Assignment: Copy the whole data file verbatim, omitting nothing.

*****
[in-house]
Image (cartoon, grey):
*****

[in-house]
Image (cartoon, grey):